A galette is a type of French pastry that is made with a rich, flaky crust, and traditionally served at Epiphany, on 6 January each year. Many bakeries also offer galettes year round, in both savory and sweet incarnations. In general, galettes are rounded and flat, and they tend to be very crusty because of the type of pastry used to make them. They can be made at home with minimal effort.
The term "galette" is used in some parts of France to refer specifically to crêpes made with buckwheat. In other countries, pastries that are made with more dense doughs are sometimes found labeled as galettes. Technically this designation is incorrect, especially if the pastry is left open on top, as is common, but the resemblance to the original galette can be seen. In most cases, a galette is too large for a single person to eat and is designed to be sliced before being served to individual guests.
Sweet or Savory Filling
Depending on the region and the chef, galettes might be made plain, but they are more often filled with something. The traditional sweet filling includes almond paste mixed with eggs and slivers of orange peel. This filling is often used for Epiphany galettes, to which the cook also adds small feves, or charms. An Epiphany galette is known in French as a galette des rois, or "king cake," and the consumer who gets the slice that has the charm in it is playfully crowned the king or queen.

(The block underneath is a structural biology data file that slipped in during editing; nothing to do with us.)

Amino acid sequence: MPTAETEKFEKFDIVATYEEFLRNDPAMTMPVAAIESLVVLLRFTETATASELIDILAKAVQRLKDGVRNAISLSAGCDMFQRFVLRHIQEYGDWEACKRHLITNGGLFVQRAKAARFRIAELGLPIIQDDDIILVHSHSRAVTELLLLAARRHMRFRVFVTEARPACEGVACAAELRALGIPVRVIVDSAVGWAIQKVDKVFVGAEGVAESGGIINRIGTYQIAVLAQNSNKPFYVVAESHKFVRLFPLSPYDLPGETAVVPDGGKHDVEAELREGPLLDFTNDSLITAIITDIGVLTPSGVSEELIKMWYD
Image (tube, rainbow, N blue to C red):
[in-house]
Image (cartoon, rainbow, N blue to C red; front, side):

Savory fillings and garnishes are also not unusual. Meats such as ham and sausage are sometimes served with Galletes. Apple slices, cheese such as Gruyère, and egg can also be used. Sometimes the filling is baked into the galettes, and at other times, the supplemental ingredients are placed on top. When ingredients such as cheese are placed on top of a galette, the dish usually is toasted so that the cheese will melt onto the galette.
How to Make Gallettes
To make traditional galettes at home, one can make puff pastry dough or purchase it frozen at the market. A cooking pan should be greased, and a circle of puff pastry should be laid onto it for each one that is being made. A mixture of almond paste, eggs and orange zest can then be spread in the middle of each pastry, stopping about 2 inches (5 cm) short of the edges.
If the cook intends to include a feve, it is added before he or she layers another sheet of puff pastry on top and crimps the edges. Decorations can be made on top by slashing with a knife or making shapes out of additional puff pastry and pasting them on with egg before baking the galettes at 400 degrees Fahrenheit (204 degrees Celsius) until golden brown and puffy. One should be careful when opening the oven to check on the pastry, because the pastry can collapse.